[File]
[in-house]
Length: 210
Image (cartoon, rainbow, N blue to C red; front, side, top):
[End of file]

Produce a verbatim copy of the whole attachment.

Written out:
[in-house]
Length: 210
Image (cartoon, rainbow, N blue to C red; front, side, top):